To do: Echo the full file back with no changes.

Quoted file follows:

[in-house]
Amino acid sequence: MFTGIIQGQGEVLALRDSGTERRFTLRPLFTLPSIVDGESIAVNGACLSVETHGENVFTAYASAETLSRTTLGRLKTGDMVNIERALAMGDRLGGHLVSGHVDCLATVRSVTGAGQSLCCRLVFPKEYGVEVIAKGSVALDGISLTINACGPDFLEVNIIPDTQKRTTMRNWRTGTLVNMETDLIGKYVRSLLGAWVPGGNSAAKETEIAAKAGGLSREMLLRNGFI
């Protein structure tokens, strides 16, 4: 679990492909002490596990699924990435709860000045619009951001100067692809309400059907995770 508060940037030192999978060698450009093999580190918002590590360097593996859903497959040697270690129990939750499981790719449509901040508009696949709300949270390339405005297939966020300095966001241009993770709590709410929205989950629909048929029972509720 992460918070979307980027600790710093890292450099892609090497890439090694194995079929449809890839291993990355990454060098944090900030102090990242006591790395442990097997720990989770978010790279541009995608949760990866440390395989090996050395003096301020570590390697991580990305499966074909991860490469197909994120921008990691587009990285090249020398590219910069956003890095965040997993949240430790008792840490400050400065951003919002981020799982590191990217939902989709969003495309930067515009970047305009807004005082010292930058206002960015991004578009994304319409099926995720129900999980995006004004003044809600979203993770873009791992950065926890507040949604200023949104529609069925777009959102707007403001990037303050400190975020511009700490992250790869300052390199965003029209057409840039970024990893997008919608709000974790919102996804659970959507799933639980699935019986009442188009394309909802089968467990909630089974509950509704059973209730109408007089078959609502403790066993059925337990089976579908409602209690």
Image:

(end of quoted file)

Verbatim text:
[in-house]
Amino acid sequence: MFTGIIQGQGEVLALRDSGTERRFTLRPLFTLPSIVDGESIAVNGACLSVETHGENVFTAYASAETLSRTTLGRLKTGDMVNIERALAMGDRLGGHLVSGHVDCLATVRSVTGAGQSLCCRLVFPKEYGVEVIAKGSVALDGISLTINACGPDFLEVNIIPDTQKRTTMRNWRTGTLVNMETDLIGKYVRSLLGAWVPGGNSAAKETEIAAKAGGLSREMLLRNGFI
């Protein structure tokens, strides 16, 4: 679990492909002490596990699924990435709860000045619009951001100067692809309400059907995770 508060940037030192999978060698450009093999580190918002590590360097593996859903497959040697270690129990939750499981790719449509901040508009696949709300949270390339405005297939966020300095966001241009993770709590709410929205989950629909048929029972509720 992460918070979307980027600790710093890292450099892609090497890439090694194995079929449809890839291993990355990454060098944090900030102090990242006591790395442990097997720990989770978010790279541009995608949760990866440390395989090996050395003096301020570590390697991580990305499966074909991860490469197909994120921008990691587009990285090249020398590219910069956003890095965040997993949240430790008792840490400050400065951003919002981020799982590191990217939902989709969003495309930067515009970047305009807004005082010292930058206002960015991004578009994304319409099926995720129900999980995006004004003044809600979203993770873009791992950065926890507040949604200023949104529609069925777009959102707007403001990037303050400190975020511009700490992250790869300052390199965003029209057409840039970024990893997008919608709000974790919102996804659970959507799933639980699935019986009442188009394309909802089968467990909630089974509950509704059973209730109408007089078959609502403790066993059925337990089976579908409602209690």
Image: